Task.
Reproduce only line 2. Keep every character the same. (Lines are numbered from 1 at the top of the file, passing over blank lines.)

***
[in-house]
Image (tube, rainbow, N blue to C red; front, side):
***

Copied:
Image (tube, rainbow, N blue to C red; front, side):